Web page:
The A’s could try to do better at any and every position, but they’re already in good shape and attempted upgrades mean bidding wars. The A’s, of all teams, should understand the limited significance of actually having a designated veteran closer, but a good late-inning reliever is valuable no matter the role, and given that the A’s had the money left over to spend, they’re spending it. They’re spending it on an improvement, and they’re spending it easily, without having to get involved in any sweepstakes.
Johnson is well-known for his relatively unremarkable strikeout rates, but that doesn’t mean he isn’t effective. This is what he’s done the last four years, while generating a ton of grounders:
For reference, that’s a little bit worse than Joe Nathan, but Johnson’s almost a decade younger, and Nathan is signing with the Tigers for multiple years. The A’s get to make the shortest of commitments on a guy who keeps the ball in the ballpark. In 2014, Johnson might even be the better reliever. The age is important.
What Johnson isn’t is obviously and demonstrably better than Balfour. But Balfour’s also older, and seeking multiple years as a free agent. Tellingly, the A’s declined to extend to Balfour a $14.1-million qualifying offer, and that was a month ago, so their limit for this kind of thing is somewhere between Johnson’s projected salary and the value of the QO. But over a month, things have also changed. The A’s got their Nick Punto, and they got their Scott Kazmir. And they don’t have to bid against anyone for Johnson’s services. They don’t even have to negotiate with Johnson on a multi-year deal. They can just pay him for the season and see what happens.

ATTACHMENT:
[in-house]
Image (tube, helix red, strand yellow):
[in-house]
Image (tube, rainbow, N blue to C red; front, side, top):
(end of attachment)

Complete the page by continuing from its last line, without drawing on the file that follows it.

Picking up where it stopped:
The reality now is that the A’s have a good new reliever for a year. They didn’t have to give up any long-term talent, and they didn’t have to make any commitments beyond 2014. This is why people say what they say about one-year contracts. Of course some go better than others, but there’s so little risk, and if the money’s there you might as well use it provided you use it to get a little bit better. The A’s look more or less finished to me, pending the Anderson move.